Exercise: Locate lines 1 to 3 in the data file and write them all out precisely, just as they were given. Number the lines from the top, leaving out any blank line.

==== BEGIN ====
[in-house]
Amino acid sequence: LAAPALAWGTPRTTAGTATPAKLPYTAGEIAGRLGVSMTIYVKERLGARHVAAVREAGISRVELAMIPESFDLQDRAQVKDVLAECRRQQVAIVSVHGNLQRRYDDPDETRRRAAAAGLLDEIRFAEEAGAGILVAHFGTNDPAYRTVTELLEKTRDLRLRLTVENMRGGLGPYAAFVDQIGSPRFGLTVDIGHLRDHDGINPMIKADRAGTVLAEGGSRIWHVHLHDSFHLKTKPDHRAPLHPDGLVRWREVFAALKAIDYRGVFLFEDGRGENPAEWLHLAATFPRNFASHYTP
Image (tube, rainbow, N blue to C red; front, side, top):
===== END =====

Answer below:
[in-house]
Amino acid sequence: LAAPALAWGTPRTTAGTATPAKLPYTAGEIAGRLGVSMTIYVKERLGARHVAAVREAGISRVELAMIPESFDLQDRAQVKDVLAECRRQQVAIVSVHGNLQRRYDDPDETRRRAAAAGLLDEIRFAEEAGAGILVAHFGTNDPAYRTVTELLEKTRDLRLRLTVENMRGGLGPYAAFVDQIGSPRFGLTVDIGHLRDHDGINPMIKADRAGTVLAEGGSRIWHVHLHDSFHLKTKPDHRAPLHPDGLVRWREVFAALKAIDYRGVFLFEDGRGENPAEWLHLAATFPRNFASHYTP
Image (tube, rainbow, N blue to C red; front, side, top):